President of Ukraine Volodymyr Zelensky next week intends to meet with young protesters who were brutally attacked by the Berkut riot police at the Maidan Nezalezhnosti Square in the early hours of November 30, 2013.
The head of state in a Facebook post recalled that six years ago, the beating of students stirred up the whole society.
"There were few of them. They stayed overnight at the Maidan not for future political career or mandates, not to earn political points or dividends, but for one thing only – a happy future for their country," the president wrote, adding that those students "were the very idealists who make a revolution, while it's villains who benefit from it."
"Today we hardly recall the names of those directly involved in the events that actually made Ukraine wake up and became the starting point of major transformations. Where are they now? Did they stay in Ukraine? Did they get the opportunity to rule the country and implement changes after the Revolution Dignity?" asked the president.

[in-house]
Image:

In this regard, the head of state said that next week "I would really like to meet with students who were at the Maidan on the night of November 29-30, 2013."
At the end of November 2013, the refusal of the Ukrainian authorities, led by then-president Viktor Yanukovych, to sign the Association Agreement with the European Union was the root cause of the most massive protests in the modern history of the Ukrainian state.
On November 21, 2013, the Cabinet of Ministers decided to suspend the process of preparations for the signing of the Association deal, which was to be sealed at the Vilnius Summit of Eastern Partnership on November 28-29, 2013.
Rallies began on the same day.
At the Maidan Nezalezhnosti Square downtown Kyiv, protesters erected tents and decided to stay there around the clock.
On the night of November 29-30, 2013, Berkut riot police brutally attacked dozens of activists, mostly youths, after which hundreds of thousands of Ukrainians took to the streets of Ukrainian cities.
The protests, which lasted from late November to late February 2014, were named the Euromaidan, the Maidan, and later the Revolution of Dignity.